NCDP Clips for Friday, October 2nd, 2015
Track of Joaquin moves farther offshore (Outer Banks Sentinel) — While Governor Pat McCrory declared a State of Emergency in all North Carolina’s 100 counties on Oct. 1, National Weather Service meteorologist-in-charge Richard Bandy told the Sentinel that "based on wind speed probabilities." Hurricane Joaquin has—as of today—been downgraded. The forecast now calls for "tropical storm conditions possible" for Sunday and Monday.
Hurricane Joaquin’s forecast track continues to shift east (WRAL-TV) — Hurricane Joaquin could end up missing the United States altogether as its forecast track continues to shift to the east,
Mandatory evacuation ordered on Ocracoke Island (Norfolk Virginian-Pilot) — A mandatory evacuation has been ordered for Ocracoke. The Hyde County Board of Commissioners voted unanimously Thursday afternoon to declare a state of emergency and order the evacuation, effective at 3 p.m. Thursday, according to a news release.
Approaching storm cancels Buxton beach nourishment plan (Norfolk Virginian-Pilot) — A meeting about a beach nourishment plan for Buxton on Hatteras Island has been postponed because of the approaching storm. The meeting had been scheduled Thursday. The National Park Service says the meeting on the environmental assessment of the beach plan will be rescheduled.
NC Will Avoid a Direct Hit from Hurricane Joaquin; Heavy Rain Still Likely (TWCN-TV) — North Carolina will avoid a direct hit from Hurricane Joaquin, but flooding rains are still possible across the state from Friday into the weekend.
Rain falling across much of central NC; dangerous flooding possible (WRAL-TV) — Moderate to heavy rain began falling across much of central and eastern North Carolina early Friday, beginning a three-day stretch that will include multiple inches of rain that could lead to flooding. A stalled cold front along the East Coast is interacting with an area of low pressure, helping pull moisture up from the Gulf of Mexico into the Carolinas. A flash flood watch is in effect for the entire state through 8 p.m. on Sunday, and rainfall rates could be up to 1 inch per hour in heavier showers.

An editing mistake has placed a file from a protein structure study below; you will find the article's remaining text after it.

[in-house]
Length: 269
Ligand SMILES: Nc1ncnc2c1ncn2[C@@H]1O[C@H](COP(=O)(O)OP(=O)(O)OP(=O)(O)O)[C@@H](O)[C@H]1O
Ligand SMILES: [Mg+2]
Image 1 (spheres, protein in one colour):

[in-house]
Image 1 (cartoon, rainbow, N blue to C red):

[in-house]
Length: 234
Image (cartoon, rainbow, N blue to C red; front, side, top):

Hurricane Joaquin no longer seen as major threat to US (Reuters) — Slow-moving Hurricane Joaquin is not expected to be a major threat to the U.S. East Coast, the U.S. National Hurricane Center (NHC) said. A westerly shift in the forecast track of Joaquin spared the Carolinas, New York and New Jersey, where Sandy killed more than 120 people and caused $70 billion of property damage in October 2012.
McCrory compares storm threat to deadly 1999 Hurricane Floyd (AP) — The threat of Hurricane Joaquin hitting the state following days of soaking rain could be as serious as a 1999 storm spawned flooding that wiped out thousands of homes and left 51 people dead, Gov. Pat McCrory said.
Price gouging law in effect due to Hurricane Joaquin, Attorney General Cooper says (N.C. Political News) — North Carolina’s price gouging law is now in effect because a state of emergency has been declared due to Hurricane Joaquin,
McCrory signs fetal tissue sale ban bill (AP) — A bill banning the sale of fetal tissue from aborted fetuses in North Carolina is now law.
McCrory Signs Legislation Into Law (McCrory News Release) — Gov. Pat McCrory signed the following bills into law today. S.B. 119 – General Statutes Commission Technical Corrections ; H.B. 735 – DPS Changes; H.B. 259 – General Government Technical Corrections; H.B. 297 – End Marketing/Sale Unborn Children Body Parts; S.B. 159 – Corrected Revaluations/Minimal Property Tax Refunds.
End-of-Session Health Care Wrap-up (N.C. Health News) — This year, the big health care story at the General Assembly was the decision to overhaul North Carolina’s Medicaid program, and that heavy legislative lift was enough to sideline many lighter health care bills. But a number of bills did find their way onto the floors of the House and Senate in the waning days of the 2015 legislative session, where they garnered enough votes to head to the desk of Gov. Pat McCrory. Here are some: